Calling Someone a Luddite Isn't Actually an Insult
Historically Luddites have gotten a bad wrap since the use of the word exploded as a belittling term for clumsy “Neanderthal technophobes” in the 1960s. Unfortunately for the Luddites, the way its used today is a misrepresentation, downplaying their legacy as one of the precursors to trade unionism. So, who were they really? Well, it seems that Robin Hood wasn’t the only heroic outlaw based out of Sherwood Forest .
The Luddites were an organized group of weavers-turned-guerilla activists in Nottingham, who took the name of a (probably) fictional character known as King Ludd, with a supposed base camp in Sherwood Forest. While there is no evidence for his existence, some historians believe he was actually Ned Ludd, a weaver who apparently destroyed a stocking frame back in 1779 after he was punished for idleness.
The Luddites burst into public consciousness between 1811 and 1813, a time of exacerbated poverty, with England’s funds drained by the Napoleonic Wars . Meanwhile, technological advances such as automated looms reduced dependence on skilled labor. The stocking frame knitting machine had been invented by William Lee in 1589. Queen Elizabeth I denied him a patent, fearing its impact on hand knitters. “Consider thou what the invention could do to my poor subjects,” she decried. “It would assuredly bring to them ruin by depriving them of employment, thus making them beggars.”
In the early 1800s, wages were down and unemployment was rife, plunging the Midlands, the center of textile production in England, into poverty. Workers demanded better wages in Nottingham in March 1811 and some broke into a textile factory. The trend spread with revolting workers wanting to ban textile machinery and protect workers.
Frame-breakers, also known as Luddites, smashing an automated loom. As a result of their actions, the Frame-Breaking Act of 1812 made frame-breaking a criminal offence carrying the death penalty. ( Public domain )
Experts at public relations, the Luddites used effective tactics, including tongue-in-cheek public petitions signed by “Ned Lud’s Office, Sherwood Forest” or threatening letters to employees who mistreated workers with demands that machinery be removed: “Sir if you do not pull don the Frames… my Companey will visit yr machines for execution against you.” They even dressed up in women’s clothes, calling themselves “General Ludd’s wives.” When the British Prime Minister was murdered in 1812, Luddites claimed credit and threatened factory owners with the same fate, even though they were not responsible.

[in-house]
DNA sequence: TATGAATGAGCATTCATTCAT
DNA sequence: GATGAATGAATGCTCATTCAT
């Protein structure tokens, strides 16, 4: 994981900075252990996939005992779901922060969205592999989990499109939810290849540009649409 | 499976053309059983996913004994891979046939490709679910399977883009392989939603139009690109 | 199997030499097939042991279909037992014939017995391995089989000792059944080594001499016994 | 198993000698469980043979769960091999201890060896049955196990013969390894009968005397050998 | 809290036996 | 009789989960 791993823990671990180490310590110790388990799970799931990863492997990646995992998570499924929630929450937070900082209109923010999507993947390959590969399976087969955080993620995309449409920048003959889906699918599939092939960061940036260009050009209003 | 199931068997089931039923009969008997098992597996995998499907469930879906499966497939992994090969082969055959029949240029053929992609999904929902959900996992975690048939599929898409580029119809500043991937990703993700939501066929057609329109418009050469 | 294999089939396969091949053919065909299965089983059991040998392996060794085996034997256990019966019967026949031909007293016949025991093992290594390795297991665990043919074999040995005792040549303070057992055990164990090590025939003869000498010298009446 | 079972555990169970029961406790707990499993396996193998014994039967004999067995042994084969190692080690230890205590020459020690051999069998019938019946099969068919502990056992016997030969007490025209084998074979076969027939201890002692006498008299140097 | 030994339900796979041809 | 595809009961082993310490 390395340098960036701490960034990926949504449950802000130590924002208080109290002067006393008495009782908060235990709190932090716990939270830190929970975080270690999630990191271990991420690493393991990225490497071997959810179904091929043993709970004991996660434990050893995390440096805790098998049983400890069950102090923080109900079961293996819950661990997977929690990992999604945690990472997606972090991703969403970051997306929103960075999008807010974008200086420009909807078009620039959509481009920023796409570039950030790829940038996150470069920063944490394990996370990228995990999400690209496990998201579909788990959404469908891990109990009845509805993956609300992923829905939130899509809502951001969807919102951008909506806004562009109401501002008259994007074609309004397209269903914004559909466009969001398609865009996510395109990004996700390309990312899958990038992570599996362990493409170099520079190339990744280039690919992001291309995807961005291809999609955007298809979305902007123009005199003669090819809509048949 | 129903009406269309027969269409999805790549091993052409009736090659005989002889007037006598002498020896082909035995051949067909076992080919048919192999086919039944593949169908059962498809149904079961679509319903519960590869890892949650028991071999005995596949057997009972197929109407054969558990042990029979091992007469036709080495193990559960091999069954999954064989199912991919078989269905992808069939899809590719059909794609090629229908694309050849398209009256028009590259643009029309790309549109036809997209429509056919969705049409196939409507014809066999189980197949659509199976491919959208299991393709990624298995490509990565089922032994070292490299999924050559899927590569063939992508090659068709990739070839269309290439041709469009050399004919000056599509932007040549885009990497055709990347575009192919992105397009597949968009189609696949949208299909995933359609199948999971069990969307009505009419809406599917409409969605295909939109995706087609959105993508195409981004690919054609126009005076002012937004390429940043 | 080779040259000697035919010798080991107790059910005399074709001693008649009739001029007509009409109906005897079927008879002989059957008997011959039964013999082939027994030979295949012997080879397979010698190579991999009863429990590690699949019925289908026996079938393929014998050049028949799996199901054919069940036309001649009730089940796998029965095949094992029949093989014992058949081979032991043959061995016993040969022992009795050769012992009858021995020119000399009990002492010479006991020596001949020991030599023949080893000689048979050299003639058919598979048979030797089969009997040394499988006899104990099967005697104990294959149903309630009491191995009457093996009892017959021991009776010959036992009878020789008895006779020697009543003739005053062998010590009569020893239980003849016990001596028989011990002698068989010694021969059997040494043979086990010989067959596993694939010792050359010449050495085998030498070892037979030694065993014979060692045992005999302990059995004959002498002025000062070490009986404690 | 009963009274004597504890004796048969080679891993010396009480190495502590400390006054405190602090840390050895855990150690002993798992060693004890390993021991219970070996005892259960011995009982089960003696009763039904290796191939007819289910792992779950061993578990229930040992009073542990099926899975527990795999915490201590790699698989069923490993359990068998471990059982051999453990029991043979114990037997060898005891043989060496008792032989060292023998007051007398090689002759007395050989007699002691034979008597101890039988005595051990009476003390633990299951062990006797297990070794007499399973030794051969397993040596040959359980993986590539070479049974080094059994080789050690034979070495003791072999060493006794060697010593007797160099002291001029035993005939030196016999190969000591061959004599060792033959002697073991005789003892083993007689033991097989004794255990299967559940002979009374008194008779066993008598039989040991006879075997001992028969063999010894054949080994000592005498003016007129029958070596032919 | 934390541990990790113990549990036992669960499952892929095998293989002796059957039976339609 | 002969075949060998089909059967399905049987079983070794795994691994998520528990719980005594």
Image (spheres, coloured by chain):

In the aftermath of the French Revolution (1789 to 1799), the ruling classes were fearful of insurrection and their reaction was brutal. The Frame-Breaking Act of February 1812 made the destruction of textile technology punishable with the death penalty and more troops were deployed to quash the Luddites than to help Wellington fight Napoleon. Up to 70 Luddites were executed and dozens were deported to Australia. By 1813, the Luddites had all but disappeared, a cautionary tale to workers resisting capitalism.
“The Luddites weren't technophobes... They were labor strategists,” explained Vice. While they ultimately failed, they did draw attention to their plight. While whitewashing warped the meaning of their cause, Scientific American highlighted that “some Luddism is important for society” to scrutinize technology and put humane values above all.
Top image: King Ludd, the leader of the Luddites. Source: Public domain
By Cecilia Bogaard